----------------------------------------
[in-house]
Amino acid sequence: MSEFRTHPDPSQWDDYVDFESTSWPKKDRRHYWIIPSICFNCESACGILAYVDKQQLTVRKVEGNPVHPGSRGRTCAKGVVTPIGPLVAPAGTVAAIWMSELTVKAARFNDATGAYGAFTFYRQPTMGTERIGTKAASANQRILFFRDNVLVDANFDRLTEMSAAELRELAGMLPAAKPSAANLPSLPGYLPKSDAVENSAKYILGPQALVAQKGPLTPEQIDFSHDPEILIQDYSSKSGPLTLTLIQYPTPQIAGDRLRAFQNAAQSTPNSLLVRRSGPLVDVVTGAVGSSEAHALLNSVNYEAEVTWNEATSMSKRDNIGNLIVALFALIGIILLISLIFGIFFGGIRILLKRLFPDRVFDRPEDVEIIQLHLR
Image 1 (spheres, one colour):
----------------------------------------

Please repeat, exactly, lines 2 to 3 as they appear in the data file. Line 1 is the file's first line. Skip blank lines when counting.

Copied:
Amino acid sequence: MSEFRTHPDPSQWDDYVDFESTSWPKKDRRHYWIIPSICFNCESACGILAYVDKQQLTVRKVEGNPVHPGSRGRTCAKGVVTPIGPLVAPAGTVAAIWMSELTVKAARFNDATGAYGAFTFYRQPTMGTERIGTKAASANQRILFFRDNVLVDANFDRLTEMSAAELRELAGMLPAAKPSAANLPSLPGYLPKSDAVENSAKYILGPQALVAQKGPLTPEQIDFSHDPEILIQDYSSKSGPLTLTLIQYPTPQIAGDRLRAFQNAAQSTPNSLLVRRSGPLVDVVTGAVGSSEAHALLNSVNYEAEVTWNEATSMSKRDNIGNLIVALFALIGIILLISLIFGIFFGGIRILLKRLFPDRVFDRPEDVEIIQLHLR
Image 1 (spheres, one colour):